Plus they had a fishy sales pitch.  As I recall they wanted me to sell insurance policies which would be purchased later by "rich Japanese with gobs of money".  I didn't understand the logic to that and granted, I didn't ask either.  Far too many red flags for me, especially at a time that I was just looking for a job that would pay me an hourly wage.  And now that I think about it, that was another one of my red flags.  While I was looking for a job, somehow the Primerica guy found out about me and made it look like he was offering one, until he got into his pitch.  Rubbed me the wrong way, never forgot them.

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#17) On July 13, 2011 at 2:09 PM, jwebbzor (< 20) wrote:

kdakota630

I know just what you mean about Arrested Development being better the 2nd time around. Tell you what... its even better the 3rd time around. I've probably watched the whole series through 6 times, and I can still catch subtle references.

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#18) On July 13, 2011 at 3:20 PM, FleaBagger (29.63) wrote:

Amway is actually pretty bad in most cases. They declared bankruptcy and changed their name, and then eventually changed it back after most people had forgotten how horrid they were and presumably market research showed that people had a vaguely positive response to the name because it simply sounded familiar.

Amway is overpriced products, overemphasizes greed at the expense of the product or how to sell it, and they take money from gullible "independent sales reps" or whatever they call them, and give that money to the poobahs to compensate them, because nobody makes money from the honest side of the business.

Also, certain Amway groups have become cults. It is profoundly sad: those who waver in their Christian faith sometimes become devout Amway cultists.

You might be right about Primerica, and I did Pampered Chef for a while. I sucked at it, but I can vouch for their legitimacy.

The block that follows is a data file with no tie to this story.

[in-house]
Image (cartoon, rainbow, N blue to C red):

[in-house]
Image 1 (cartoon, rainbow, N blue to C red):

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#19) On July 14, 2011 at 10:43 AM, kdakota630 (29.66) wrote:

FleaBagger

I don't think Amway is a "scam", but I don't think it's a good business for some of the reasons you mentioned.

You actually reminded me that I was involved in Amway, but an extremely limited experience.  To make a long story as short as possible, against my better judgement I figured I'd give it a go by easing into it mainly because the guy who signed me up was so positive (as were all the people at the meetings) and so many personal stories of how well they were doing with Amway.

I literally did nothing with it for months until I thought I should probably at least place an order for some stuff I wanted, and found the forms to be a bit much.  So I attempted to get a hold of my upline guy.  He didn't return my calls for a few days, until eventually his phone was disconnected.  A few days later I found out that he'd moved back in with his parents. 

I went there to meet up with him to get my money back on the whole thing and he never showed up.  I did meet his mom who was extremely nice, took care of my request, but expressed disappointment that I wasn't willing to try it longer.  

Somehow, after a year of this guy doing Amway, his idea of "doing well" included being forced to move back in with his parents with his wife and newborn baby, and despite this fact, he was still actively pumping Amway, as were his wife and the parents he moved back in with.

So after all that, yeah, I'd have to generally agree with you regarding your "cultist" reference.